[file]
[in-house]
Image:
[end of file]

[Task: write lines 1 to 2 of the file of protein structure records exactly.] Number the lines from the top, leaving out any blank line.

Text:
[in-house]
Image: